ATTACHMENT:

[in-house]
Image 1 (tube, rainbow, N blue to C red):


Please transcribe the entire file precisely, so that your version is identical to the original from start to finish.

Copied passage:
[in-house]
Image 1 (tube, rainbow, N blue to C red):